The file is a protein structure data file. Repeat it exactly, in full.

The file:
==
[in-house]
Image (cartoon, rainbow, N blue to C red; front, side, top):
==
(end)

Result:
[in-house]
Image (cartoon, rainbow, N blue to C red; front, side, top):